In Chapter 3, you suggest that in order to engage with the modern world, “the imamate would no longer wish to establish its authority without a modern appeal merely relying on pre-modern criteria”, p. 109.  But it would seem that the focus of IIS and ITREB and many Facebook groups has been to begin by retrieving the pre-modern era of the imamate, with the ultimate intention to evolve a modern and post-modern vision. Is this what Mohammed Arkoun was driving at when he observed that the reason for any deficiency in communication between the Imam and the community is “that the Community is too dependent on the Imam in all its day-to-day matters?”  p. 135. This would imply that the Community is really not in step with the vision of the Imam of the Time. Your analysis, on the other hand, makes it clear that the Imam is clearly engaged in deep consultation with the leaders of the community. Where would you say that this breakdown in communication lies? Is it that the leaders of the community rely more on the institutions such as ITREB which comprises many lay volunteers who are still attached to the pre-modern concepts which are communicated through satpanthi content of the devotional literature, the ginans?

Authority without Territory  The Aga Khan Development Network and the Ismaili ImamateThere seems to be an assumption that if the Imam engages in consultations with individuals and institutions and gives them advice and guidance, they necessarily follow it verbatim or even creatively promote and extend it. First of all, this assessment disregards human agency and the role of individuals (institutions are also run by individuals, no matter how collective deliberations may shape it). Individuals can change things. It is only by assuming that they are robots or machines that someone (in this case the Imam) can push their buttons. They are imperfect human beings with their built-in limitations. There is also the assumption that the Imam’s voice is not really heard or he becomes obsolete here (because these people do whatever they wish and just hide behind him). This narrative is also inaccurate. I think I have managed to show how the axis of action in Ismailism has shifted from theological and polemical debates towards a concern for the improvement of the quality of life. This is the lifetime achievement of the Imam alongside the faithful obedience and collaboration of the community (even if they have not probably fully grasped the weight and importance of this shift). Therefore, I find this imperfection not strange or disturbing except in cases where it overtly upsets the balance between faith and reason. This concern, for me, builds on the history of the community which has put a premium on intellect century after century. If I want to introduce a methodological framework into this question, by analogy, it would look like the incremental growth of knowledge by gradually eliminating errors in our knowledge (and our theories), which is what critical rationalists say. The end result will never be perfect or flawless. It will not be ‘infallible’ and it is precisely for this reason that we need to be constantly alert in order to eliminate errors and learn by experience. It is a matter of problem solving. Indeed, if we do not integrate the medieval perception of ‘infallibility’ into this narrative, the question hardly arises in the first place. What Arkoun is pointing to can also be seen in the same light. When individuals expect perfection and infallibility, they always wait for someone else to solve problems that could be solved by themselves. Not everyone can solve every problem but everyone is endowed with intellect; everyone can ask questions, to various degrees and qualities. Therefore, there is no final and ultimate answer or solution in any text or guidance. Nothing will ever make you completely and fully independent of your own rational and individual engagement and contribution.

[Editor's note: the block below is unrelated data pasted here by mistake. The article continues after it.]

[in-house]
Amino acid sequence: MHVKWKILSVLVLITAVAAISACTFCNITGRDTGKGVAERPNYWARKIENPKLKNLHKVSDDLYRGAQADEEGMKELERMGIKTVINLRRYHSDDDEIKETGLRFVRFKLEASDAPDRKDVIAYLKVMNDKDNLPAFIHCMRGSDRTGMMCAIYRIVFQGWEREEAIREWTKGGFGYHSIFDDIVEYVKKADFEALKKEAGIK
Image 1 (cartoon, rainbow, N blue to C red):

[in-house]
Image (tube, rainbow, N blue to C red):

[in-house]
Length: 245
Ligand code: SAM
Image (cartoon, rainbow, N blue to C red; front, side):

You very bravely raise questions around pluralism within the community in suggesting “it is not clear whether and to what extent this pluralism can be reflected in the institutions of the Community” p. 152. You mention that the dominant elite who run the community institutions are mostly from East Africa. As an Iranian Ismaili, do you feel that other diverse groups that make up the community are marginalized or in some way neglected by the elite?